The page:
Currency manipulations and their ramifications
Frankfurt (Apr 6) For many years the United States has viewed its emerging challenger China with particular suspicion in respect of its seemingly manipulated and undervalued currency, provoking American trade deficits and flooding the global market with cheap goods.
Then for a while it seemed that this "mercantilist" strategy, of outbidding rivals in international trade and therefore acquiring wealth with which to acquire overseas stakes in those self-same countries, had outstayed its welcome. China allowed the yuan to escalate by modest degrees to reflect economic realities.
Recently that strategic shift has been modified again, as occasional bouts of currency depreciation have been promoted to burn speculators exercising the lucrative "carry trade" of borrowing funds to leverage the returns on what was a one-way street. Introducing two-way traffic is meant to work as a calming influence, given that the Chinese dragon has been snorting flames of discomfort from the difficulties of an overblown credit system.
This episode, reflecting an underlying condition quite threatening to the global economy, only highlights the perils of building castles of non-market behaviour, each designed to protect against the effects of previous creations.
Europe is an even plainer example just now, with the Eurozone chronically crippled by the inability of its constituent members to adjust exchange rates to cope with their relative states of over- and under-competitiveness. This malady is thoroughly locked in, to the point that desperate commentators are imploring the dominant force, Germany , to recycle its wealth among those falling by the wayside.
Since the only way now for those suffering, peripheral countries to reduce relative prices and wages compared to the comfortable core is by austerity — which is likely to be thwarted by the impact thereof on their already dire debt dynamics — cheerleaders for the European project are pleading that the European Central Bank must flood the region with cash in a concerted effort to float all boats.
As opposed to fixing the basic fault-line in this morass, undoing the euro itself, that idea comes across as tantamount to rearranging the chairs on the Titanic. Whether Germany , on the bridge of the vessel, indulges that behaviour, will depend on its assessment of the damage if this proud ocean liner pummels into another life-wrecking iceberg of financial crisis.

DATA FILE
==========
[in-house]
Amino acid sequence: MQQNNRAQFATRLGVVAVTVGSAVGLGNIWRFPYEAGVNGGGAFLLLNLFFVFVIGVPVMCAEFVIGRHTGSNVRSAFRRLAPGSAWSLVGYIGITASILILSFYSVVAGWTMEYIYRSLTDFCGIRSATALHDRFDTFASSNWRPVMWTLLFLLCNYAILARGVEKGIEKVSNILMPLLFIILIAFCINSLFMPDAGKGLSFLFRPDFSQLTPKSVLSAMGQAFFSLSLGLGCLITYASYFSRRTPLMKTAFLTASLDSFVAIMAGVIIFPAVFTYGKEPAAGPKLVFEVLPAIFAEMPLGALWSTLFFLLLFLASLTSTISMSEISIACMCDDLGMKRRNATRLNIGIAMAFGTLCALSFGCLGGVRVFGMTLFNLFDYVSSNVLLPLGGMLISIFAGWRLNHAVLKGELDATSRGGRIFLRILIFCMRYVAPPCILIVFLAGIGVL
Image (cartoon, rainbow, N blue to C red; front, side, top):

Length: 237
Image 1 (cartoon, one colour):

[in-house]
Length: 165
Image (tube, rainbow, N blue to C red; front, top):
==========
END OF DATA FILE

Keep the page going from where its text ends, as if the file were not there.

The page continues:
It makes you wonder why any bloc would consider following Europe's example, except where politics overrides sensible economics. More pertinently here, it raises the matter of policies over exchange rates, and how to guide or peg them, if at all.
Monetary union of some sort in the GCC has been in the offing for some time, and much discussed, and that's an issue beyond simply the consequences of exchange misalignment, bearing in mind that some of the Gulf currencies (viewing the surpluses of its larger members) are considered very undervalued.
In the absence of the naturally corrective, equilibrating mechanism of the exchange rate according to market forces, it is not only the trade surplus that will persist.
Apart from the cementing of a competitive advantage in terms of the balance of payments (leading to the accumulation of foreign asset reserves), there is a counterpart disadvantage in terms of control over the domestic economy.
If the exchange rate does not appreciate as it logically should, then not only will an exaggerated trade imbalance arise — contributing to the lopsidedness and vulnerability of the world economy -- but the suppressed currency will not be able to rise to counteract any tendency to rising inflation.
The apportionment of jobs, investments, living standards and general economic trends will be misaligned, depending on how governments further intervene in an attempt to offset their effects — and prices specifically will get out of kilter.
Indeed, in the case of the Gulf states, that problem is amplified by the dollar peg, keeping interest rates excessively low relative to the internal economy, a condition exaggerated further by the fact that hydrocarbon-based export revenues largely accrue to governments which tend substantially to spend the proceeds, subject to provisioning for and by sovereign wealth funds.
Thus, monetary policy is hampered, and fiscal settings may act in a pro-cyclical way rather than the counter-cyclical way that might reasonably be advised.
Of course, there are well-rehearsed reasons why such circumstances prevail, centring on the implied stability, especially in an uncertain world, of anchoring to the US dollar.
Yet it means the burden increases on so-called direct actions as the solution for managing the economy, rather than the conventional, indirect means (i.e. appropriate monetary and fiscal levers) that may accompany a freely fluctuating currency.
Such applications are known, in the jargon, as macro-prudential measures, and their relevance is coming to the fore again as the pace of pick-up increases in the Gulf economy. They may indeed have to do some pretty heavy-lifting in the contest for policy control.